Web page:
Catholic League 'heading for a strong run,' says Russo


January 17, 1995|By LEM SATTERFIELD

Mark Russo wasn't a standout when he played on Jerry Savage's first team at Loyola 27 seasons ago. But he maintained close ties to the Catholic League as a referee.

Last month, Russo was named commissioner of the Catholic League.

bTC "It's certainly a honor," he said. "Comparatively speaking, the league is still very young [24 years old]."

Russo, 43, succeeds Jim "Snuffy" Smith, who stepped down more than a year ago because of business obligations. Savage was acting commissioner during that period.

Russo, a referee on the college and high school level for 20 years, played varsity for two seasons at Loyola before moving on to Holy Cross.

"Basketball is a very pleasant diversion for me," said Russo, who is also an insurance agent. "I've been fortunate to know as many people as there is to know in this area."

Russo said he first was approached by the late Cardinal Gibbons basketball coach Ray Mullis about the position a year ago. Russo, who officiated in the Catholic League for 10 years, couldn't resist.

On his agenda, Russo wants to market the league to increase local fan interest. With the success of St. Frances, Calvert Hall, Cardinal Gibbons and Loyola, each ranked in The Sun's Top 20, he believes the league is heading toward dominance again.

"I'm positive that we are heading for a strong run in the years to come," he said. "The Catholic League offers great competition with quality schools offering a solid education."

The Catholic League Tournament, which had been at Loyola College the past nine years, will be played at UMBC on Feb. 25-26. Russo said a scheduling conflict with Loyola College was the reason for the site change.

J. Carroll leaves Harford

The dissolution of the Maryland Scholastic Association and the resulting formation of the Maryland Interscholastic Athletic Association has forced John Carroll to withdraw from the Harford County League in football, effective before the start of the 1995 season.

The school will be able to continue its current county affiliations, however, in other sports -- cross country, track and field, girls volleyball, swimming, and baseball -- through the spring of 1996.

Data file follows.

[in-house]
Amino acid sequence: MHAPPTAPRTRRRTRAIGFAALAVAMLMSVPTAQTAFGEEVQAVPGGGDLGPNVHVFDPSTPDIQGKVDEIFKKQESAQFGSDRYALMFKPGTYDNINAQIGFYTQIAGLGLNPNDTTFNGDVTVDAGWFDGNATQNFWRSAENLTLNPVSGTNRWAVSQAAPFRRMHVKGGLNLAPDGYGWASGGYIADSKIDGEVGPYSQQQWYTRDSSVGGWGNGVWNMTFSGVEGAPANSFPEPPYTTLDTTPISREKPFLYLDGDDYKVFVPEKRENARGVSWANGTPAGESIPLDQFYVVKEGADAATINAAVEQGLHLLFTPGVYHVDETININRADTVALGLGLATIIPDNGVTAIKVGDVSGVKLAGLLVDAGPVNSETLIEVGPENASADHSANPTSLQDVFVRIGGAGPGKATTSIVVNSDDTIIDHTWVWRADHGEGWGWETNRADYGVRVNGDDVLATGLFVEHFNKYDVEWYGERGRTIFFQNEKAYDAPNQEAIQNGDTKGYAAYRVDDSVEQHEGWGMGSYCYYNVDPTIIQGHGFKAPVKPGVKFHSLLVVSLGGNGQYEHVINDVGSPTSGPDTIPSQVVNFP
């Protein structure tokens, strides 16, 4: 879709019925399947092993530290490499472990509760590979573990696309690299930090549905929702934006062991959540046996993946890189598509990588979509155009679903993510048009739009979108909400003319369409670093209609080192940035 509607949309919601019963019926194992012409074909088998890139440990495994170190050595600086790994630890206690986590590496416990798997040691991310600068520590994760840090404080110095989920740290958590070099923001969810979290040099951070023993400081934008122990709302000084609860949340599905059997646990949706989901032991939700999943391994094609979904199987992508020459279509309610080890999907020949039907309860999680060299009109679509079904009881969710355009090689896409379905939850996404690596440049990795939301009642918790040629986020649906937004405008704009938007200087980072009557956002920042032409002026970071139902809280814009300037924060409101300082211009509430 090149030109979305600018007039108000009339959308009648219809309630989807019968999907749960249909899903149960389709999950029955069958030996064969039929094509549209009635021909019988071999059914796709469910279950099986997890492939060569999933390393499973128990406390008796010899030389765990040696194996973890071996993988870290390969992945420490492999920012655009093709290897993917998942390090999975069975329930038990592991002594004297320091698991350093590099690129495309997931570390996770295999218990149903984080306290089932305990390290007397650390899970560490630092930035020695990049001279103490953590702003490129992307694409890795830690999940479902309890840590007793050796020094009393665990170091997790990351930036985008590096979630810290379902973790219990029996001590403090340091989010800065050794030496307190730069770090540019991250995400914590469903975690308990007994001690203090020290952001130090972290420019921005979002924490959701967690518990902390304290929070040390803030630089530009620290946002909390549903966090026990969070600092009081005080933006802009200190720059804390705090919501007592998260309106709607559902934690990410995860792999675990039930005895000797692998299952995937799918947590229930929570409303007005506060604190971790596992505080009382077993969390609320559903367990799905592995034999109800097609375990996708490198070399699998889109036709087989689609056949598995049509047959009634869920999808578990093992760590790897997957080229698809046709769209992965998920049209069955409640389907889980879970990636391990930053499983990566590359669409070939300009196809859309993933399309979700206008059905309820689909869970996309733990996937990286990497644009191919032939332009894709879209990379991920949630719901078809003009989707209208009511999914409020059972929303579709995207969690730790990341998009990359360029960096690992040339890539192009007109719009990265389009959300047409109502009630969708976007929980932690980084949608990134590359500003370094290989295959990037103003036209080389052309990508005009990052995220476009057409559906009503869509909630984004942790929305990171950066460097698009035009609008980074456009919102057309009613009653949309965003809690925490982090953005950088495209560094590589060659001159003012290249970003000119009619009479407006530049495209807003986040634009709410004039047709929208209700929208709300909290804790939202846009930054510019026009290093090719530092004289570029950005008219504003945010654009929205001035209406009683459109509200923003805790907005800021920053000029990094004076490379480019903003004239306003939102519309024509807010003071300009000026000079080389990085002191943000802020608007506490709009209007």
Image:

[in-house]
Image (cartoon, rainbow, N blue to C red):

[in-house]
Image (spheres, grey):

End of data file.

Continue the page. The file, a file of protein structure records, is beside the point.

When the MIAA drew up its constitution last spring, Article III, Section 3 stated that all MIAA members must play all sports. "At the May meeting, we posed the possibility of John Carroll being 'grandfathered,' and allowed to continue the way we were, but we were told no," said Jerry O'Brien, the school's athletic director.

John Carroll's girls teams participate in two noncounty leagues already -- the Catholic League for soccer and basketball and the Association of Independent Schools for field hockey, lacrosse, and tennis, and those affiliations will continue.

Intentional grounding OK'd

The National Federation Football Rules Committee ruled last week that quarterbacks will be allowed to ground the ball intentionally to stop the clock as they do in college and pro football.

The maneuver only can be used immediately after the quarterback has received a hand-to-hand snap from center, not in the shotgun or in punt formation.

The new rule takes effect this fall.

"I think it's a good rule as long as it's something the pros and colleges do," said Ned Sparks, executive secretary of the Maryland Public Secondary Schools Athletic Association.

Patterson coach Roger Wrenn said it should help teams that use two-minute offenses.

"Usually you have three timeouts but now it's almost like a fourth," Wrenn said. "It will make it easier in the last two minutes of the game. You have to use time management. You have to be careful."

Lakers have right stuff

Top-ranked Lake Clifton will be getting a little national exposure when NBC's "NBA Inside Stuff" comes by the school Jan. 23-24 to interview star point guard Shawnta Rogers and coach Charlie Moore.

The program, with hosts Ahmad Rashad and Willow Bay, will air in late February on Channel 11.

Middle Atlantic's best

Three area basketball teams are ranked among the Top 26 in the January's issue of the Middle Atlantic Sports News, a recruiting newsletter that covers Washington, D.C., Delaware, Maryland, New Jersey, Pennsylvania and Virginia.

Dunbar, ranked No. 2 in the area, is No. 3 behind Roman Catholic of Philadelphia and Medford of Shawnee, N.J.

Lake Clifton, the area's No. 1 team and nation's No. 13 team by USA Today, is ranked ninth. Walbrook, the area's No. 4 team, is ranked No. 18.

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